Mary makes it home, but it's not at all what she expects
Credit: Bernard Walsh/The CW
S3 E16
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“Welcome home, your majesty,” a druid healer says to Mary — and it is the only welcoming the queen gets as she spends her first few days back in her Scottish homeland. There’s no receiving line, no welcome back ball, no fanfare. There are, however, several threats to her life. Ah, home sweet home.

Mary and her crew of mercenaries have washed up on the shores of Scotland after a particularly nasty storm at sea. Mary’s left to watch in horror as a clan of Scots arrive at the shipwreck and immediately start killing the men on the beach. So, yeah, they aren’t really there to help. You know who is? Narcisse! Narcisse survived the wreck and advises Mary that they get as far away from the beach as possible. There’s only one problem: Mary still hasn’t found Bash yet. The girl’s not leaving without her Bash.

When she does finally spot him, a clansman has a sword aimed right over his chest. Before he can do anything, a group of druids arrive and scare the clansmen off. Scotland is weird, you guys.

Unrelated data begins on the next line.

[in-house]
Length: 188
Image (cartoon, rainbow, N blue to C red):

Mary and Narcisse follow the druids as they take Bash back to their campgrounds. It becomes quite evident that Narcisse is not happy to be trapped in Scotland with his greatest foe. It becomes evident because that’s basically what Narcisse yells in Mary’s face. He only came so that he could rescue Lola, and now he’s stuck with Mary, a queen who clearly does not understand how precarious the situation in Scotland is. For good measure, he throws some shade over Mary losing Francis’ sword. It’s really no way to talk to a queen. Mary tells him to suck it up, and once they find Bash, they can go their separate ways.

Saving Bash might be a little more than a grab-and-go mission. Mary and Narcisse barge in on the druids performing a ritual over Bash’s body – but it’s not what you think. They’re trying to save the guy! It involves snakes and some gooey substance they rub all over his chest, but nonetheless, they are helping Bash, not hurting him.

Mary and Narcisse have some time to kill as they wait for Bash to recover, and they quickly spin a tale about being brother and sister, coming from France to marry Mary off. The druids buy it, or so it seems. They all have a little heart-to-heart where the druid healer tries to explain that they are a peaceful people who’ve been cast out from society. They mean no harm. The Wolvers — the clan Mary watched murder her soldiers — on the other hand, are brutal. Scotland as a nation is fractured and it would take a great leader to make it whole again. Wouldn’t ya know? He’s saying that directly to the woman who wants to attempt such a thing.